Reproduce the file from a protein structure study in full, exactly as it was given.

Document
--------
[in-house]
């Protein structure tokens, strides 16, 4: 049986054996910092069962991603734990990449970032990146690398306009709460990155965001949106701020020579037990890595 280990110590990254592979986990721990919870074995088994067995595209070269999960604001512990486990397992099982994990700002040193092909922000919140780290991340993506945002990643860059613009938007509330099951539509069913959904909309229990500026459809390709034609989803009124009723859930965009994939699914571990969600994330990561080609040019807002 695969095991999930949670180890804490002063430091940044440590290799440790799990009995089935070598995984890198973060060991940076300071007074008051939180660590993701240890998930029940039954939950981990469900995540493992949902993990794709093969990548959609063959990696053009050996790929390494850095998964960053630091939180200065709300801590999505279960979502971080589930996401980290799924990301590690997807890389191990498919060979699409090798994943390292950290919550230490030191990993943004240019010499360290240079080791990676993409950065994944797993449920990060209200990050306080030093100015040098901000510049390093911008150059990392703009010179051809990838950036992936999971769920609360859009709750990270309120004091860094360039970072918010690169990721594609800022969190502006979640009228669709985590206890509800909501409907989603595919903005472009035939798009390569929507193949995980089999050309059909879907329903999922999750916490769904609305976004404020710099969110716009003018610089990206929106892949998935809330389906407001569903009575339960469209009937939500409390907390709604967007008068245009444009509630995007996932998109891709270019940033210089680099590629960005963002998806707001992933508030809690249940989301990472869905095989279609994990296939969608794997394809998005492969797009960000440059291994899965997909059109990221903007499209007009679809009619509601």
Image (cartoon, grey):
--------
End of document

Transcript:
[in-house]
């Protein structure tokens, strides 16, 4: 049986054996910092069962991603734990990449970032990146690398306009709460990155965001949106701020020579037990890595 280990110590990254592979986990721990919870074995088994067995595209070269999960604001512990486990397992099982994990700002040193092909922000919140780290991340993506945002990643860059613009938007509330099951539509069913959904909309229990500026459809390709034609989803009124009723859930965009994939699914571990969600994330990561080609040019807002 695969095991999930949670180890804490002063430091940044440590290799440790799990009995089935070598995984890198973060060991940076300071007074008051939180660590993701240890998930029940039954939950981990469900995540493992949902993990794709093969990548959609063959990696053009050996790929390494850095998964960053630091939180200065709300801590999505279960979502971080589930996401980290799924990301590690997807890389191990498919060979699409090798994943390292950290919550230490030191990993943004240019010499360290240079080791990676993409950065994944797993449920990060209200990050306080030093100015040098901000510049390093911008150059990392703009010179051809990838950036992936999971769920609360859009709750990270309120004091860094360039970072918010690169990721594609800022969190502006979640009228669709985590206890509800909501409907989603595919903005472009035939798009390569929507193949995980089999050309059909879907329903999922999750916490769904609305976004404020710099969110716009003018610089990206929106892949998935809330389906407001569903009575339960469209009937939500409390907390709604967007008068245009444009509630995007996932998109891709270019940033210089680099590629960005963002998806707001992933508030809690249940989301990472869905095989279609994990296939969608794997394809998005492969797009960000440059291994899965997909059109990221903007499209007009679809009619509601």
Image (cartoon, grey):